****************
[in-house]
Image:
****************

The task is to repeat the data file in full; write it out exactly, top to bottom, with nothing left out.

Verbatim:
[in-house]
Image: